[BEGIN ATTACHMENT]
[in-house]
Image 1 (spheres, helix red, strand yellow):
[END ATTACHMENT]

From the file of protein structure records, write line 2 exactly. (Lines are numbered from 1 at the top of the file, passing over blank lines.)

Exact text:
Image 1 (spheres, helix red, strand yellow):